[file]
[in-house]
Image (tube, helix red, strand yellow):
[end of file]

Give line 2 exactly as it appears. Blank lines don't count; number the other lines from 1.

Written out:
Image (tube, helix red, strand yellow):